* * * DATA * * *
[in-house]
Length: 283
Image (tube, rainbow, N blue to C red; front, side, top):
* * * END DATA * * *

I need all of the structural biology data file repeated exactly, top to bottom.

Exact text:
[in-house]
Length: 283
Image (tube, rainbow, N blue to C red; front, side, top):